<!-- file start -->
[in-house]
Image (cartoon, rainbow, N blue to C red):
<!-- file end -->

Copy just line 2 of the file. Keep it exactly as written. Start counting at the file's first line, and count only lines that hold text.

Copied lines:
Image (cartoon, rainbow, N blue to C red):